Kanu: Judge to rule on witnesses’ secrecy Dec. 13
Justice Binta Nyako of the Federal High Court in Abuja yesterday fixed December 13 to rule on whether to allow secrecy of witnesses in the state’s case against Indigenous Peoples of Biafra (IPOB) leader Nnamdi Kanu and others.
She also refused to grant him and his associates bail.
This is the third time a court has refused Kanu and others bail since they were arrested last year.
Justice John Tsoho (also of the Federal High Court, Abuja) refused a similar application for bail earlier this year. The Court of Appeal, Abuja later upheld Justice Tsoho’s decision. It ordered the accused to submit themselves for trial.
Rather than agree to trial before Justice Tsoho, Kanu and others accused the judge of bias and asked him to withdraw from the case. Justice Tsoho did. The case was re-assigned to Justice Nyako, before who they were arraigned on an 11-count charge and their bail applications heard.
Kanu, IPOB’s National Coordinator, Chidiebere Onwudiwe, Benjamin Madubugwu and David Nwawuisi are charged with terrorism, treasonable felony, managing an unlawful society, publication of defamatory matter, illegal possession of firearms and improper importation of goods.
Ruling on their bail application yesterday, Justice Nyako said the offences for which they were being tried “are very serious in nature”, and therefore not ordinarily bailable. She added that irrespective of what the charge is, the court has to exercise its discretion, but that some of the charges could attract life imprisonment if proved by the prosecution.
The judge dismissed the contention by the defendants that President Muhammadu Buhari had openly directed that they should not be released on bail.
She said the President, as a Nigerian citizen, was at liberty to exercise his right to freedom of speech.
The judge said the President’s comment was incapable of influencing the decision of the court. She said the defendants did not place any new fact or law capable of persuading the court to reverse an earlier ruling (by Justice Tsoho) in which they were equally denied bail.
Justice Nyako noted that the offences are serious in nature and carry very severe punishment, if proven. “I hereby therefore refuse bail of the applicants.”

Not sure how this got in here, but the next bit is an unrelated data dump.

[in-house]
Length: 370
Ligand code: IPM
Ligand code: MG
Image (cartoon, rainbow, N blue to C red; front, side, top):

The judge later ordered accelerated hearing in the case.
Shortly after the ruling, prosecution lawyer Shuaibu Labaran argued his application seeking the court’s permission for the protection of the identity of his witnesses.
He urged the court to allow the prosecution witnesses testify behind a shield to be supplied by the court.
Labaran also sought an order preventing the disclosure of the names and other details of the witnesses in the open court for security reasons.
The defendants opposed the application, contending that granting such requests would amount to a gross violation of their rights to fair hearing.
Kanu’s lawyer Ifeanyi Ejiofor said: “We vehemently oppose secret trial of the defendants. They were accused in the open; we also request that they be tried in the open. The defendants need to see those testifying against them eye-ball-to-eye-ball. We are ready for this trial,” he said.
Another defence lawyer, Maxwell Okpara, told the court that most of the proposed witnesses were foreigners allegedly imported by the government from neighbouring countries.
“My lord, we have uncovered their plan to bring Ghanaians and people from Cameroon to appear in this court to testify against the defendants.
“We as Nigerians will resist that plot. It cannot work. That is why they are insisting that they should testify behind screen. That plot has failed, it will not work,” Okpara said.
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